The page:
Alliance Defending Freedom: It’s days away: The Supreme Court’s marriage decision is expected to come down on June 29.
UNOG: “I am keen to learn more about the coexistence of different religious or belief communities in Lebanon and find positive examples,” Mr. Bielefeldt said. “It will also be an opportunity for me to assess the freedom of religion or belief of refugees and migrants.”
AL Monitor: On Jan. 22, the Lebanese army opened a new chapter in the war against terrorism, thwarting an Islamic State (IS) attack against a guard post for the army’s second land border regiment in Tallet al-Hamra, in the lands beyond Ras Baalbek, in the east of Lebanon. This attack, the second in the same place in three months, ended with the army regaining control over the site after dozens of militants and eight soldiers were killed.
Religion News Service: Watching ancient Christian communities stand nearly defenseless as Islamic militants roll across swaths of the Middle East, coalitions of Christians are banding together to sound the alarm and demand government action.
WorldWatch Monitor: Declaring the plight of Christians in the Middle East a “state of emergency,” evangelical and Protestant churches in Syria and Lebanon have issued a plea for Western advocacy and aid.
Religion Clause Blog: Last Sunday, the country’s President, Michel Sulaiman , indicated that he would support legislation to create civil marriage inside Lebanon
Pakistan Today: An Islamic group headed by influential cleric Sheikh Yusuf al-Qaradawi on Friday demanded Pope Benedict XVI apologise to Muslims over inflammatory remarks he made in 2006.
Catholic Culture: In a September 15 address, Pope Benedict XVI explained why a commitment to religious freedom is a requirement for stability in the Middle East.
Google News (AFP): Pope Benedict XVI visits Lebanon this week at a time when Christian refugees from the war-torn city of Aleppo in neighbouring Syria are fearful for their future.
AP: Judges at the U.N.-backed tribunal investigating the assassination of former Lebanese Prime Minister Rafik Hariri have rejected challenges to the court’s jurisdiction.
Religion Clause Blog: Lebanon’s Daily Star reports on a lawsuit that has been filed in Beirut against Wiam Wahhab, leader of the Tawhid Party, by 70 Lebanese and Saudi women for remarks Wahhab made about Muslim women’s veils.
Washington Times: “Hezbollah secured the support from a majority of parliament Monday to nominate its candidate for prime minister, putting the Iranian-backed militant group in position to control Lebanon‘s new government.”
Ahram Online: “A draft law calling for a 15-year ban on property sales between Lebanese Christians and Muslims has sparked controversy, with many saying it is aimed at stemming the sale of Christian land to Hezbollah supporters.”
Daily Star: “Labor Minister Butros Harb has authored a draft law that would prevent Christians and Muslims from selling property to each other for a period of 15 years, in order to ‘safeguard national coexistence.’”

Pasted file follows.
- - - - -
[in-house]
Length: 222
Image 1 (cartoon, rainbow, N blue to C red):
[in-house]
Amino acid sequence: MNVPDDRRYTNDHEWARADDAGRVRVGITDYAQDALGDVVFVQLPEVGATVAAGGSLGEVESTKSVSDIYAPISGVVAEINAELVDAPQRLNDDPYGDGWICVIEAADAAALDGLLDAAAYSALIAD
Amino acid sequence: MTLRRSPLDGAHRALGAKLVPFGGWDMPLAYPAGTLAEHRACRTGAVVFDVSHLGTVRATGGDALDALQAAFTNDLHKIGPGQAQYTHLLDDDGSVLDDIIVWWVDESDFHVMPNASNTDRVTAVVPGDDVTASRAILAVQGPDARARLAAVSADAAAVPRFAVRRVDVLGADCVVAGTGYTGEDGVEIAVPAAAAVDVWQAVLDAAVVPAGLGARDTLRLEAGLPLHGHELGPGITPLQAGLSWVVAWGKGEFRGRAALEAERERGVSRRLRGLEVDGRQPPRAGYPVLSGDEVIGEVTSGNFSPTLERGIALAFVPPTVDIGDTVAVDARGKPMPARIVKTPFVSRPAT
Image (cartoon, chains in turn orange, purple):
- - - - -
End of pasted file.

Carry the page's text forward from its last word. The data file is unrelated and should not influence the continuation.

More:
Via The Volokh Conspiracy: “The case is Charara v. Yatim (Mass. Ct. App., decided today) [opinion can be accessed at this link]: ‘Following a trial, a judge of the Probate and Family Court concluded that no deference was due the custody order issued by a Jaafarite religious tribunal (Jaafarite Court) in Lebanon. The probate judge based his decision on evidence, including the testimony of experts, that the Jaafarite Court’s custody order was not made in “substantial conformity” with Massachusetts law regarding the best interests of the children . . . ”
Telegraph: “Omar Bakri Mohammed, known as the ‘Tottenham Ayatollah’, was on the run after a court in Beirut found him guilty of funding al-Qaeda and starting a militant group to weaken the Lebanese government.”
Associated Press: “BlackBerry maker Research in Motion Ltd. says it has no way of providing government officials with the text of encrypted corporate e-mails its devices serve up. But if the companies that employ BlackBerry phones want to hand over the encryption keys to their e-mail, it won’t object . . . ”
Assyrian International News Agency: “The number of Christians in the Middle East is swiftly declining, Maronite Patriarch Nasrallah Butros Sfeir warned Nicholas Sarkozy during a meeting with the French president at the Elysee Palace.”
TIME: “Demonstrations are hardly unusual in Lebanon, where politics is often conducted on the streets. But the few thousand people who gathered in Beirut on Sunday to march on the country’s parliament made for an unusual sight, mostly because of what was missing. There were hardly any religious symbols or sectarian political banners among them, in a country where religion and politics are practically synonymous. But those who showed up for Sunday’s Secular Pride March bore no crosses, crescents or portraits of saints or martyrs; they carried only roses and the red and white cedar flag of the republic in protest at religion’s domination over civil and political life in Lebanon. ‘What’s your sect? None of your business!’ they chanted.”
AP: “In the Middle East, civil marriage doesn’t exist and no religious authority will perform an interfaith wedding. Lebanon and Israel are different in that they recognize civil marriages as long as they’re performed abroad, and the closest venue abroad is Cyprus, 150 miles from Lebanon and 230 miles from Israel.”
AP: “It’s an unusual alliance in a country where your religion usually determines your politics: Christians siding with Shiite Muslim militant Hezbollah. But it has shaken up Lebanon’s politics, and backers say it represents the future of this long divided nation.”
BBC: “Lebanese journalist with links to militant group Hezbollah has been barred from entering Britain. Ibrahim Moussawi was due to speak at the London School of Oriental and African Studies, but the home secretary has ruled he should be denied a visa . . . ”